Late Pass: LeBron and Gisele on the Cover of Vogue.

Stacia and I disagree on the hullabaloo surrounding the cover for this month’s cover of Vogue.

She gets the King Kong undertones and said it’s not a battle she cares to get all up in arms about; I think the cover and the fallout encapsulates the kind of thoughtlessness about racial imagery that are endemic to so many media outlets (someone in an editorial board meeting could have assumed that this would get under people’s skin, even if they didn’t personally didn’t see the big deal).

What say you?

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Gene "G.D." Demby is the founder and editor of PostBourgie. In his day job, he blogs about race and ethnicity for National Public Radio. He is a native of South Philly and reads and writes and runs and rants. You can follow him on Twitter or subscribe to him on Facebook.

18 comments to Late Pass: LeBron and Gisele on the Cover of Vogue.

  • kaya

    i too don’t think it’s much of a battle that i want to fight. but with that said, i do think that the cover is irresponsible. i agree that it was definitely thoughtless, but there is also just a general lack of understanding on how this would “get under people’s skin.” i’m going to go out on a limb here and say that most people who would be bothered by this cover are not vogue purchasers/subscribers. i think that many white people might look at this cover and think it’s provacative or controversial but not understand the offense that black people are taking to it. i also think that it’s a stupid cover and i’m sure that there were plenty of better photos in the bunch. then again provacative controversial covers sell better…

  • L-Boogs

    I agree! I mean, what was a prime opportunity for Vogue to present LeBron GQed out in this spring’s fashion buffet of cardigans (gasp!), plaid (shocker!), or even a tongue-in-cheek-basketball play on short shorts for men (my word!), they haphazardly splashed this King Kong monstrosity across the cover…as for Gisele? She’s so 2001…lol. But seriously, I guess Liya was too much chocolate for ‘em…

  • Big Word

    King Kong, King James? I can see the comparison. They defintely knew it would spark some kinda controversy and probably sell a few more mags. I just can’t get offended by stuff like this anymore. I just can’t be bothered.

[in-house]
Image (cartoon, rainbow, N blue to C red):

• 7579esq

    The truth is that this is an accurate portrayal of the successful black man’s abandonment and betrayal of his mothers and sisters — and his continued repudiation of the black woman as a mate worthy of being a part of his success. We’re good enough in the ghetto when they’re unemployed and have no options, but not good enough for Beverly Hills or to share in their riches.

  • slb

    I think what’s most telling about the reactions to this cover is that they really do reflect our personal self-images. I haven’t seen this much projecting since the last time I went to the cinema.

  • I rank this at about the level of the golf journalists who routinely invoke Yellow Peril and Model Minority discourses when writing about the 45+ South Koreans on the LPGA (usually en masse). Whether it comes out of racism, carelessness, an attempt to get people’s attention, a lack of creativity, an attempt at humor, a lack of foresight, or an attempt at irony toward or parody of racial stereotyping is beyond my ability to parse. At best, they provoke some values clarification among people who stop to really think about their own and others’ reactions, but they usually devolve into predictable and stale debates between already-established positions on the standard issues. It’s more than just projection, that is.

  • slb